The Japanese pub (or izakaya) has hit the capital and thanks to the likes of Koya and Tonkotsu our taste for Japanese food has far advanced beyond just sushi. Former head chef of Nobu Park Lane, Scott Hallsworth has reinvented the traditional izakaya and given it a high-end makeover to create his own chain of Japanese gastropub’s named Kurobuta. You can now find Kurobuta in three locations; iconic Marble Arch, the designer street of Kings Road, Chelsea and Knightsbridge department store Harvey Nichols.
Zuma it is not – and nor is it trying to be. The casual, unpretentious setting is quite frankly a refreshing change from the wildly glamorous locations of Zuma and Roka. Set back amongst a residential area of Marble Arch, Kurobuta is authentic and real. The staff greet you with a genuine smile, the chef’s wave as you pass by the open kitchen and candles blaze in the dimly lit restaurant. Posters and flyers are pinned up on every wall with japanese writing scrawled over the top, embarrassingly named cocktails are written on the blackboard and a brightly painted fuchsia wall is the backdrop to the corner booths where couples canoodle.
Kurobuta is a casual dining room that manages to maintain a humorous, fun nature – from the embarrassingly named cocktails that you most certainly wouldn’t want to order in front of your mother, to the rock & roll music blaring out of the speakers in the bathroom. Somehow, in the middle of central London, Kurobuta has managed to maintain a bit of un-pretentious fun about it.
The menu is split into sections: Snacks, Raw/Salad, Junk Food Japan, Something Crunchy, Significant Others & Maki/Sushi. There are also two tasting menus (tasty box £18.50 and tastier box £20.50) which are ideal for a quick lunch and an even quicker taste of exactly what Kurobuta has to offer. We begin with the yellowtail sashimi and beef fillet tataki; the yellowtail is expertly prepared, uber thinly cut and comes with a zesty yuzu soy & wasabi salsa that compliments every ounce of the dish. The beef tataki is equally delicious, served with garlic crisps that give the dish an extra texture. Miso grilled baby chicken was delightful, however unfortunately it still takes second place to Zuma. Slices of barbecue pork belly in steamed buns with spicy peanut soy are a nod of the head to the more casual street food of Japan. It’s got a thumbs up from us.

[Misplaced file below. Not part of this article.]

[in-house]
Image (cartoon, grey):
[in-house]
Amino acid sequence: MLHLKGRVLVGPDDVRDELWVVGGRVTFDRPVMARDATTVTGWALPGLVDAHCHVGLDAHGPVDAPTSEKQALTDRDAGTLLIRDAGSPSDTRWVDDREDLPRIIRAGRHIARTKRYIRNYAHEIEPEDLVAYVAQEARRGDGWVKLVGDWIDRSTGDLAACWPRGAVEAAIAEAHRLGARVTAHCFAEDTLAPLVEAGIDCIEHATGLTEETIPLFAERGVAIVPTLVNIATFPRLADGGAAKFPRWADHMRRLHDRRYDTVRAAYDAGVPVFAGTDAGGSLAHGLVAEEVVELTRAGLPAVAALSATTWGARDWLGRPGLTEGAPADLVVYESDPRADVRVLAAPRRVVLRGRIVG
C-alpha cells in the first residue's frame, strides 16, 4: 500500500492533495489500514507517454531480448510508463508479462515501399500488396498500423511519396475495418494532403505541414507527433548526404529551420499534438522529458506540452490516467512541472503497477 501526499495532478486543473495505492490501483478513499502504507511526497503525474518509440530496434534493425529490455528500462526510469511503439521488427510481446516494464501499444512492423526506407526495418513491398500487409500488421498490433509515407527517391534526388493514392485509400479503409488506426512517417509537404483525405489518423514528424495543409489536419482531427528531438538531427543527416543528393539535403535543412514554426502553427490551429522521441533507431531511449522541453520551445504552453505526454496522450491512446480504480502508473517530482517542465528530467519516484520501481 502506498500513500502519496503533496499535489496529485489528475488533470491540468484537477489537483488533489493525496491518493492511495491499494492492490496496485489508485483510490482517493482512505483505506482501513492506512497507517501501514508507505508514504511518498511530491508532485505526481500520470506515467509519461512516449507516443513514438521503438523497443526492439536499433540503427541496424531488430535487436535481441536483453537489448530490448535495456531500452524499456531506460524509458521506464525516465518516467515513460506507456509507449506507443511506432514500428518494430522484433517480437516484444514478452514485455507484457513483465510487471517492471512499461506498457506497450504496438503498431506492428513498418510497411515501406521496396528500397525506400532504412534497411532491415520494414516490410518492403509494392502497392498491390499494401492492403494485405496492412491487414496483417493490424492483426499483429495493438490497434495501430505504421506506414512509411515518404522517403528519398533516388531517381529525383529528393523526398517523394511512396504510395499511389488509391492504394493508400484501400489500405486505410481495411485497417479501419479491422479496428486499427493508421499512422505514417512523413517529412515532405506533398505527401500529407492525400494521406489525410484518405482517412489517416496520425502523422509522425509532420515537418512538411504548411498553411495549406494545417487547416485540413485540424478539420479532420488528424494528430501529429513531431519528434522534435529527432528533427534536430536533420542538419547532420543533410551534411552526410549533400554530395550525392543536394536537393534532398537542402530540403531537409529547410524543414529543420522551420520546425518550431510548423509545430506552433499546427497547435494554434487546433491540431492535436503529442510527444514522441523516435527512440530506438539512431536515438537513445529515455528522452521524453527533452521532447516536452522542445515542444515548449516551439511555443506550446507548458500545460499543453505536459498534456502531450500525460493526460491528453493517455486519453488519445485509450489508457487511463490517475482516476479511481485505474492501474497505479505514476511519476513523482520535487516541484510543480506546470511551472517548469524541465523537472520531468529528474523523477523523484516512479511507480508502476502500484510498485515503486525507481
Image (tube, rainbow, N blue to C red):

From the ”Junk Food Japan” section, the tuna sashimi pizza – a crisp tostada topped with wafer-thin tuna and clusters of fish roe – delivered both on Instagram appeal and flavour. It’s definitely one for your Instagram roll. Other dishes from this section include miso grilled hot wings and wagyu beef sliders, neither of which we tried but perhaps one for the future. The baby shrimp tempura was sweetly flavoured with a kimchee mayonnaise and put a very happy smile on all of our faces. The ironically named ”Significant Other’s” section was home to an array of tempting dishes such as the kombu roasted chilean sea bass – the Kurobuta alternative to the black cod we so commonly eat – was impressive to all. A highlight was the sticky miso grilled aubergine with it’s deep, mahogany flavours. We’d happily eat that every day for the rest of time.
The dessert menu is sparse with a choice of just five desserts including the much-talked-about IcePOPS in a choice of either classic champagne or bellini flavour. We pick the honey & pistachio cake, served with honey ice-cream and Japanese suntory jelly. A very yummy dessert, light sponge, sweet honey flavour and the perfect ending to a wonderful meal. Kurobuta is by far the coolest Japanese pub in town and we can’t wait until our next visit.
Kurobuta Marble Arch – 17-20 Kendal St, W2 2AW
Kurobuta Kings Rd – 312 Kings Rd, SW3 5UH
Kurobuta Harvey Nichols – Harvey Nichols, SW1X 7RJ